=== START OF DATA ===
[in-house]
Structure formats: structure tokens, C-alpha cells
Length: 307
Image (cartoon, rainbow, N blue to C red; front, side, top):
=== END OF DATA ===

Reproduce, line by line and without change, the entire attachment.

[in-house]
Structure formats: structure tokens, C-alpha cells
Length: 307
Image (cartoon, rainbow, N blue to C red; front, side, top):